Council fears bypass route will halt growth

Latrobe City Council will tell VicRoads it will not support any Traralgon bypass that moves the selected route towards the Traralgon township.

Council has also indicated it does not prefer the route selected by the state government, W1C, as it could cut off land earmarked for future development and impede the growth of Traralgon.

The proposed route is located south of Traralgon and was selected in 2009 by for planning minister Justin Madden to avoid coal deposits.

Council’s preferred route, W4B, sits further south than the route proposed by the state government.

VicRoads acting eastern region director Pas Monacella said the bypass route was selected and placed into the Latrobe Planning Scheme in 2009, after an extensive planning and consultation process.

“Making changes to the selected route at this stage would mean that the robust process previously undertaken would have to be repeated,” Mr Monacella said.

“This would come at a great financial cost, be time-consuming and cause considerable delays to the business case planning process that is already underway to progress the proposed development of the bypass.”

The concept of a bypass for Traralgon was reinvigorated last year following a Committee for Gippsland campaign, after which the state government committed $1.4 million to the development of a business case for the project.

VicRoads is conducting consultation as part of the development of the business case and requested council to provide feedback.

Councillor Graeme Middlemiss said the selected route, coupled with the planning minister’s “concern around moving the buffer of Loy Yang mine closer to Traralgon” could “effectively sterilise growth” in Traralgon.

It comes after former Latrobe City mayor Kellie O’Callaghan wrote to Planning Minister Richard Wynne last year expressing concerns around changes to policy regarding the Loy Yang mine buffer.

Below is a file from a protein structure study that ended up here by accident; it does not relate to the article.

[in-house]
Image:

This required council to seek the views of the minister for works happening within two kilometres of the mine.

Councillors at the time expressed fears the policy changes could jeopardise growth in the region, as state-wide provisions require consultation with the minister only within one kilometre of the mine.

“If this is adopted, we are opposed to the freeway sterilising the growth area,” Cr Middlemiss told the council meeting on Monday.

“We are making our position very clear.”

Committee for Gippsland chief executive Mary Aldred said the committee did not have a formal view on the route of the bypass.

“We said all along that the route needs to be determined by input from the local community, which is being accommodated at the moment through the business case,” she said.

“I think, of course, the way the route is determined is a very important part of the process, looking at a range of options and considerations from coal mines, traffic flow and other factors.

“While accommodating that, we need to maintain momentum … the next milestone after a route determination is construction, so we don’t want to stall on that progress.”

Ms Aldred said the question of the bypass route should not be an “either/or” approach in which coal was pitted against the development of Traralgon.

“That was 10 years ago. Things have obviously changed with population and one power station closing through that time,” she said.

“The information we base decisions on probably needs to be updated.”

A spokesperson for Planning Minister Richard Wynne said the route was chosen following “lots of research and planning carried out by VicRoads and Latrobe City Council.

“This planning follows on from significant work carried out by VicRoads in 2000s that included a preliminary road design for the bypass route, as well as flora, fauna, economic, land use and cultural heritage assessments,” they said.

“We will review all the feedback we receive from the community as part of the planning process and a business case will be developed and submitted to the Victorian Government for consideration.”